But the first interpretation is supported by the traditions. The words, it is not righteousness to enter the houses from their backs, proves that this practice was never approved of by the religion; otherwise it would not have been said to be against righteousness. It was just a bad custom of the pre‑Islamic times; and Allah said that it was not righteousness. Rather, righteousness was the fear of Allah and guarding oneself against evil.
but righteousness is the one who guards himself (against evil): Apparently, the sentence should have been "but righteousness is guarding oneself (against evil)", but Allah used the expression the one who guards himself to show that the real virtue is in practicing "piety", and not in its abstract idea. It is like the verse: It is not righteousness that you turn your faces towards the east and the west but righteousness is the one who believes in Allah (2:177)
and enter the houses by their doors: It is not a compulsory order; it is a guidance that entering into houses from their doors is the proper method, as it is the usual and recognized way. People build houses and put doors in them for this very purpose, and there is no reason why a hole should be drilled for entering into, or going out of, the house. This sentence admonishes them not to follow a foolish custom which goes against common sense. In short, the sentence does not say that it is obligatory on every one to enter into a house through the door. It just tells them that it is the proper way. Of course, if one enters into a house by a way other than the door, thinking that this custom is a part of religion, then it will be an "unlawful innovation".
Qur'an: and fear Allah, so that you may be successful.
It was mentioned in the beginning of this surah (chapter) that taqwa (piety) is virtue which gathers in its fold all ranks of the faith and all stages of perfection. Obviously, not every stage and rank leads one to spiritual success and happiness, as do the last stages which remove all shades of polytheism and misdirection. It is these last stages which guide one to success and bring the good tidings of happiness. That is why Allah said, so that you may be successful, using the word 'may'.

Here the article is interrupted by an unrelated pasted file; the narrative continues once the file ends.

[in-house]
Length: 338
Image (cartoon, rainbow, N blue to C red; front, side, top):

Also, it is possible to interpret the words, "fear Allah", here as following this particular order, and discarding the practice of going into houses from their backs.
Ibn Jarir and Ibn Abi Hatim have narrated from Ibn 'Abbas that he said: "The people asked the Messenger of Allah (s.a.w.a.) concerning the new moons. Then this verse was revealed, They ask you concerning the new moons. Say, 'they are (indications of) times fixed for men'; they know from them the time their loans are due, the waiting period (number of months a women must wait after divorce or the death of her husband before the next marriage) of their women and, the time of their pilgrimage." [adDurru 'I‑manthur] Some others from different chains are from Abu 'l‑'Aliyah, Qatadah and others.